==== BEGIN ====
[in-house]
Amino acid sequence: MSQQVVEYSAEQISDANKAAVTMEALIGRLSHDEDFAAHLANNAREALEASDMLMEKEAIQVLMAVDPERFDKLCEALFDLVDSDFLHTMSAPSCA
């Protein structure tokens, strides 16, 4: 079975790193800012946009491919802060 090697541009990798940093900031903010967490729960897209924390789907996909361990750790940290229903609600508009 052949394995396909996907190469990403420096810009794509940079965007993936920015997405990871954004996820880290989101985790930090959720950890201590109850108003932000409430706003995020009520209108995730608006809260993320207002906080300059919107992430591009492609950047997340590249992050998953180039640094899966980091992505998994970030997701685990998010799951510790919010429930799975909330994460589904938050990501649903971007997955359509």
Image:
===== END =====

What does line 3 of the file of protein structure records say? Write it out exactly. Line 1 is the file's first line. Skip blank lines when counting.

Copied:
């Protein structure tokens, strides 16, 4: 079975790193800012946009491919802060 090697541009990798940093900031903010967490729960897209924390789907996909361990750790940290229903609600508009 052949394995396909996907190469990403420096810009794509940079965007993936920015997405990871954004996820880290989101985790930090959720950890201590109850108003932000409430706003995020009520209108995730608006809260993320207002906080300059919107992430591009492609950047997340590249992050998953180039640094899966980091992505998994970030997701685990998010799951510790919010429930799975909330994460589904938050990501649903971007997955359509």